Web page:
I think you’ll see that that’s not what that particular graph is saying. but your comments on the full book, snarky though they will undoubtedly be, will still be welcome.

Trystan Morris-Dafydd 5th May, 2013 11.31 pm

Excellent, I look forward very much to reading it! Any chance of an EPUB version being made available?

Nick Shaxson 5th May, 2013 2.47 pm

I’ll ask and let you know. I’m not doing that side of things . . .

Nick Shaxson 5th May, 2013 11.06 am

looks like one will be made available in the next few days

perry 6rd June, 2013 4.54 pm

Nick, please forgive me if you’ve already shed light on this, but I must ask these questions while they’re fresh in mind. I haven’t read your latest missive yet, but will, very soon!

Is there a financial crisis? … only for the unwashed masses. Is there a crisis of democracy? … for the same, unequivocally. But democracy is only a word, it really doesn’t exist, in any sense, even close to it’s definition. It’s a propaganda concept, allowed, to ensure the population believe they have some power to influence their lot/future/destiny – like religion. Like the ‘the customer is always right’ kind of concept. If they get too tight a grasp on democracy, than war must ensue to rein the power back in. (see, e.g. history of socialism; liberalism)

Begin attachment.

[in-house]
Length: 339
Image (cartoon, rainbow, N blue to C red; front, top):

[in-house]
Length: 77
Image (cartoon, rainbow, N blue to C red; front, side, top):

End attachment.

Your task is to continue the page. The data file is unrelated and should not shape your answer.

The more important question to me is- What are the goals of the all powerful elite? What world order or changes to the current world order do they intend? Are we going to be set to building new pyramids? …or picking cotton?

You’ve had some exposure to this lot – perhaps once removed exposure as I don’t think you’ve been considered an insider – so perhaps you can enlighten us as to you’re thoughts in this. I’d like to know, what this whole show, is all about, before it’s out!

Cheers

I’m a fan living in hope and fear for your wellbeing.

[...] Today’s blog looks at research from Dr. Mike Berry, lecturer at the University of Cardiff. It focuses on one small but influential part of the BBC – its flagship Today Programme on BBC Radio 4. I think it’s fair to say that my colleagues and I have always been under the impression – hard to prove but still a strong impression — that the Today Programme is substantially ‘captured’ by the City of London, the UK’s Financial Services industry. (For what ‘capture’ means, see this.) [...]

[...] we said in our Finance Curse document, this is the Captured State in action. Delaware, Jersey, Cyprus, Ireland, Cayman: they are [...]